Director – Paul W.S. Anderson
Cast – Sanaa Lathan, Raoul Bova, Lance Henriksen, Ewen Bremner, Colin Salmon, Tommy Flanagan, Joseph Rye, Agathe de La Boulaye, Carsten Norgaard, Sam Troughton
Release Year – 2004
Reviewed by John of the Dead
I will start off by stating that YES, this film is a guilty pleasure of mine. Ever since childhood I have been an avid fan of both the Alien and Predator series, so naturally I was pretty damn stoked when I learned that this film was FINALLY going to happen. There seems to be quite a bit of hate for this flick, which I have noticed mostly comes from fan boys who balk at the fact that this comes directed by the often ridiculed Paul W. S. Anderson(Event Horizon, Resident Evil, Resident Evil: Afterlife), but I like what appeals to me, and this film succeeds at doing just that.
When a private satellite belonging to mega millionaire Charles Bishop Weyland(Lance Henriksen; Aliens, Alien 3, Pumpkinhead, The Horror Show) comes across a heat source emitting from an ancient pyramid buried thousands of feet beneath the Bouvetoya Island in the Antarctic Ocean, he assembles a team of the best archeologists, engineers, etc. to lead him on a journey to locate the pyramid and its energy source. When the team arrives at the mouth of the pyramid they realize that they are not the first people there, but no equipment of visual tracks can be found. Little do they know, they have not stumbled upon a man-made pyramid created by the very first civilization on Earth, but a battleground in which every 100 years the Predators battle the Aliens in a fight to the death…and they have planted themselves in the middle of this epic war.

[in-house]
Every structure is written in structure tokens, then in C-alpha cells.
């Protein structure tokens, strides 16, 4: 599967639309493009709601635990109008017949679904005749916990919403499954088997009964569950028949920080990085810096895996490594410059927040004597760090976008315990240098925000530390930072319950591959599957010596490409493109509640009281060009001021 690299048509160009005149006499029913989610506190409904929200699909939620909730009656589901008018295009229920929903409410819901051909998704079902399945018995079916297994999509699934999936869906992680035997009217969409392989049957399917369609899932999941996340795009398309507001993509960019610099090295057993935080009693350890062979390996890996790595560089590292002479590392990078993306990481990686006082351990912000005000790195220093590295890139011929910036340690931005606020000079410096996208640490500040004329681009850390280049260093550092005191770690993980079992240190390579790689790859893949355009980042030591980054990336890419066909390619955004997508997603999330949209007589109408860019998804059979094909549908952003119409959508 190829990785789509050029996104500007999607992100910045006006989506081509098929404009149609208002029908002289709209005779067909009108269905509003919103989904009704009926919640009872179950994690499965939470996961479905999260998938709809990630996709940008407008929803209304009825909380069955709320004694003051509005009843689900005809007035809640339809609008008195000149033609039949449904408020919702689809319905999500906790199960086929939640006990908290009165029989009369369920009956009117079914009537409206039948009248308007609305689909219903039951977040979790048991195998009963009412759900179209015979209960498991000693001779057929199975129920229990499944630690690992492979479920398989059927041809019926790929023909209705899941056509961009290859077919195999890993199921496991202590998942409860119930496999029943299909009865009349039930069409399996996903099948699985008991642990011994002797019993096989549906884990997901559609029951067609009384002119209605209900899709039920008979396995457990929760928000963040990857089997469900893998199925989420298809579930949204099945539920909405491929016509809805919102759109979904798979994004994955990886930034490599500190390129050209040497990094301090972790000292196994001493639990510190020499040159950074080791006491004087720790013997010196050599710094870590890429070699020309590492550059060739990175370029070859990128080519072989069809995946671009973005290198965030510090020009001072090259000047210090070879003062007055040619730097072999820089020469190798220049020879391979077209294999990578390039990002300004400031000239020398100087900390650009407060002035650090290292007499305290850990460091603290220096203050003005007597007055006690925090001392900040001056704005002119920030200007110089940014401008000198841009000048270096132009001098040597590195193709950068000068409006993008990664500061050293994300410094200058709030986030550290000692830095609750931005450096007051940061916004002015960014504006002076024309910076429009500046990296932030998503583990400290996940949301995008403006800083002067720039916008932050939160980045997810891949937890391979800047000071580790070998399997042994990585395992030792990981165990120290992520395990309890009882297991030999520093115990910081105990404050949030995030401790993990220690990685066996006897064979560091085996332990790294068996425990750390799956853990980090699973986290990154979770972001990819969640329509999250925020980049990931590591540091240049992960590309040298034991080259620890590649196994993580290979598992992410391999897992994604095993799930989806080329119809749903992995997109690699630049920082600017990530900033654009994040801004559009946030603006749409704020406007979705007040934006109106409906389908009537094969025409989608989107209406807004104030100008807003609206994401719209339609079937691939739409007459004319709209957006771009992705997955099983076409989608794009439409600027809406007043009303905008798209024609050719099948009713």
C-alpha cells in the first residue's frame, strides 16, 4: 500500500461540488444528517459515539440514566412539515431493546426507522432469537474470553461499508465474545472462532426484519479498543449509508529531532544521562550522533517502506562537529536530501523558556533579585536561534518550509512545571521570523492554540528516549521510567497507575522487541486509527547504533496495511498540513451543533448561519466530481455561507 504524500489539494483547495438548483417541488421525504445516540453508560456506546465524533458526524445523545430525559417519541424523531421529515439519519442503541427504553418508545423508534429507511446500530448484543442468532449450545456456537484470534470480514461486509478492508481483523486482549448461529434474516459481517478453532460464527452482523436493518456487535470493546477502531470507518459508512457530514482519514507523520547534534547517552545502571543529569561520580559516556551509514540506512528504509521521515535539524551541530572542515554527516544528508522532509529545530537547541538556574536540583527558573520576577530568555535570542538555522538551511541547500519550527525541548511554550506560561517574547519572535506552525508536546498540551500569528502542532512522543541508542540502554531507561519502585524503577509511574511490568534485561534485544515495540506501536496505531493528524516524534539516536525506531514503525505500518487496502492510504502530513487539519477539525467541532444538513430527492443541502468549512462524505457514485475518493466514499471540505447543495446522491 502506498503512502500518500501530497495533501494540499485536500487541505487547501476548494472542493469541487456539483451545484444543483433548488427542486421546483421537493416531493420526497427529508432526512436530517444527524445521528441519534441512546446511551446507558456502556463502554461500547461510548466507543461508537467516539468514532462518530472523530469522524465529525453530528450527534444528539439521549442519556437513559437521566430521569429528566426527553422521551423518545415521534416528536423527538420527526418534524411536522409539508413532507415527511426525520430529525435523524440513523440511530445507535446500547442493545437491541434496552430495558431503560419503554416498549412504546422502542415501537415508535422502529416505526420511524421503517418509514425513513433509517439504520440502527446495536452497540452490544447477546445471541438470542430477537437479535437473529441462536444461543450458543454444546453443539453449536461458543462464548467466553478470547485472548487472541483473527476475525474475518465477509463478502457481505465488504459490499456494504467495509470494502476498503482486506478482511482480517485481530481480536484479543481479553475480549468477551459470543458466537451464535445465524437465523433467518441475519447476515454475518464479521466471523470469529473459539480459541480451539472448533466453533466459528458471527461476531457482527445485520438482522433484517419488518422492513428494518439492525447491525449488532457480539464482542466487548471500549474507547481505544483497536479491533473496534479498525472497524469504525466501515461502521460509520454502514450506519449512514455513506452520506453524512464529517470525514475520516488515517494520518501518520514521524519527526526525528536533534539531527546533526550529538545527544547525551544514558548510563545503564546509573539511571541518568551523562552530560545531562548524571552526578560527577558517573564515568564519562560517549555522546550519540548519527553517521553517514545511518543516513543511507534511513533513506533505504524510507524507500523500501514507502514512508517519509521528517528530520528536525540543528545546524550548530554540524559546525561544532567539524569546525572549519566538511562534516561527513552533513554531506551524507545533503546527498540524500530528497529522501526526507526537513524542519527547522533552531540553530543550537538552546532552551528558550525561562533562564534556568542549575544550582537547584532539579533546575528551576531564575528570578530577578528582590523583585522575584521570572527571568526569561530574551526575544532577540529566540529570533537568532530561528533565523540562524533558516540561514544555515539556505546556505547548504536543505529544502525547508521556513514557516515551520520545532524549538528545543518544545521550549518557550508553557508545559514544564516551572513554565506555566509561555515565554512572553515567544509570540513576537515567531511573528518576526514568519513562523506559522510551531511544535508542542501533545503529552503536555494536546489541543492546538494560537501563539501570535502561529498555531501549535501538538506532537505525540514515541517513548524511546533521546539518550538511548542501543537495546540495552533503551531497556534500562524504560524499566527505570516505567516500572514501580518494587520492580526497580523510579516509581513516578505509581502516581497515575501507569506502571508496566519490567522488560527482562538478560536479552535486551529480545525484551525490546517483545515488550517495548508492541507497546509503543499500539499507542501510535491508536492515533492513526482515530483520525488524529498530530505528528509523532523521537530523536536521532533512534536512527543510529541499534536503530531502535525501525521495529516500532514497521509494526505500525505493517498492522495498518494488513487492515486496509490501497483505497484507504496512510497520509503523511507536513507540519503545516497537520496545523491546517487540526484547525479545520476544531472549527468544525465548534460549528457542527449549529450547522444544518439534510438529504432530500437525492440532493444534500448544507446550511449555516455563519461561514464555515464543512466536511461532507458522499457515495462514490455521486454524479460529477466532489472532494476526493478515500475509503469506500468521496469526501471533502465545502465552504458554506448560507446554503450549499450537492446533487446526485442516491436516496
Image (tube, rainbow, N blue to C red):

If you want some good Alien and Predator action, as well as some Alien vs. Predator action, then this film should be enough to satisfy your needs. Ignore whatever negative remarks you have heard regarding this film, and after my review give this film a watch, whether you have seen it or not. I honestly believe that most of the hate comes from the fact that the studio passed over James Cameron’s Sigourney Weaver-starring screenplay for Alien 5 for this money-grabbing idea, as well as the fact that it comes directed and co-written by one of horror’s most ridiculed directors…Paul W. S. Anderson. If you have mocked and belittled this film solely for these reasons then shame on you. Why? Because every film deserves a chance to deliver its horror, and I honestly feel that this flick has received an unfair wrap from some very close-minded horror purists.